REPORTING FROM ATHENS -- George Papandreou, Greece's beleaguered prime minister, has accepted an opposition proposal to form a temporary unity government that would secure approval of Europe's latest bailout plan, senior officials said Thursday.
The interim government would shepherd the bailout plan through parliament and then hold early elections, the officials said. Significantly, Papandreou would have to step down and not head the interim administration.
Anna Diamantopoulou, the Greek education minister, said Papandreou was prepared to accept the proposal from Antonis Samaras, head of the conservative New Democracy party, for a unity government.
Earlier, Papandreou said he would scrap his controversial bid to hold a referendum on the bailout plan and on Greece's membership of the Eurozone. In an address to members of his Socialist party in parliament Thursday evening, he said the referendum was no longer necessary now that opposition lawmakers were willing to help pass the new bailout plan after originally balking at it.
"I applaud this different position adopted by the New Democracy party. Hopefully it can mark the start of a new political culture. Society wants it and I'm sure it will applaud it also," Papandreou told lawmakers in his speech.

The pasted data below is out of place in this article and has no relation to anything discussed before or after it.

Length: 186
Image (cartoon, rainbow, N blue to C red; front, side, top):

He added that the referendum proposal had "offered a positive and creative shock" to the debate.
It also caused global financial markets to fall and spurred stern warnings from other European leaders, who told Papandreou that Greece risked turning its back on the rest of Europe and going it alone.
Papandreou still faces a confidence vote in parliament Friday, but the new agreement struck with New Democracy makes it more likely he will survive it. However, it would only pave the way for him to step down as Greek leader anyway in favor of a unity government.
-- Anthee Carassava
Photo: Greek Prime Minister George Papandreou speaks to members of his party's parliamentary group in Athens on Thursday. Credit: Louisa Gouliamaki / AFP/Getty Images